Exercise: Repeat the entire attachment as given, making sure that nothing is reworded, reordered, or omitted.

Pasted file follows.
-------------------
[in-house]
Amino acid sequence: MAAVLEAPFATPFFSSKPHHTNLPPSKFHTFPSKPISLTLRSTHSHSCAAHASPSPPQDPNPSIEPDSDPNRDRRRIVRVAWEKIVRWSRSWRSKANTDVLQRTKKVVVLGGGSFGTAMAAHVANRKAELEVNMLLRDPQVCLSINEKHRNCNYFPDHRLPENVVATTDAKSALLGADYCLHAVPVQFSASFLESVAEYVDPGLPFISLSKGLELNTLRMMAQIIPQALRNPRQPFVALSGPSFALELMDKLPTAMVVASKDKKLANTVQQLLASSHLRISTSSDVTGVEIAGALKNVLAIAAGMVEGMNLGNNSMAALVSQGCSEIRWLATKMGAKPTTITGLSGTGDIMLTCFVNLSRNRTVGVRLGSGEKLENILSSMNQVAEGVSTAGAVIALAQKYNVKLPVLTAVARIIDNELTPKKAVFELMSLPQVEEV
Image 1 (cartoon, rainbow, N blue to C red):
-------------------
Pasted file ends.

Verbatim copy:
[in-house]
Amino acid sequence: MAAVLEAPFATPFFSSKPHHTNLPPSKFHTFPSKPISLTLRSTHSHSCAAHASPSPPQDPNPSIEPDSDPNRDRRRIVRVAWEKIVRWSRSWRSKANTDVLQRTKKVVVLGGGSFGTAMAAHVANRKAELEVNMLLRDPQVCLSINEKHRNCNYFPDHRLPENVVATTDAKSALLGADYCLHAVPVQFSASFLESVAEYVDPGLPFISLSKGLELNTLRMMAQIIPQALRNPRQPFVALSGPSFALELMDKLPTAMVVASKDKKLANTVQQLLASSHLRISTSSDVTGVEIAGALKNVLAIAAGMVEGMNLGNNSMAALVSQGCSEIRWLATKMGAKPTTITGLSGTGDIMLTCFVNLSRNRTVGVRLGSGEKLENILSSMNQVAEGVSTAGAVIALAQKYNVKLPVLTAVARIIDNELTPKKAVFELMSLPQVEEV
Image 1 (cartoon, rainbow, N blue to C red):